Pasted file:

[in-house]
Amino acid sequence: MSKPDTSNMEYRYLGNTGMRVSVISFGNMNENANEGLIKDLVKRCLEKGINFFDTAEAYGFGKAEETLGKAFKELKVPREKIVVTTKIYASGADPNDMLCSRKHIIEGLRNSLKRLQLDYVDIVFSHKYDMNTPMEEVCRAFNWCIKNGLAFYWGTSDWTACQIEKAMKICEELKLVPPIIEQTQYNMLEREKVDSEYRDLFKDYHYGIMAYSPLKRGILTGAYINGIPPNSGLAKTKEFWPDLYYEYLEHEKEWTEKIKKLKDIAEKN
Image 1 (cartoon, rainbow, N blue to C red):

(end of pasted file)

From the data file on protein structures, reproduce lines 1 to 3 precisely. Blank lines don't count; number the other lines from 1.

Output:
[in-house]
Amino acid sequence: MSKPDTSNMEYRYLGNTGMRVSVISFGNMNENANEGLIKDLVKRCLEKGINFFDTAEAYGFGKAEETLGKAFKELKVPREKIVVTTKIYASGADPNDMLCSRKHIIEGLRNSLKRLQLDYVDIVFSHKYDMNTPMEEVCRAFNWCIKNGLAFYWGTSDWTACQIEKAMKICEELKLVPPIIEQTQYNMLEREKVDSEYRDLFKDYHYGIMAYSPLKRGILTGAYINGIPPNSGLAKTKEFWPDLYYEYLEHEKEWTEKIKKLKDIAEKN
Image 1 (cartoon, rainbow, N blue to C red):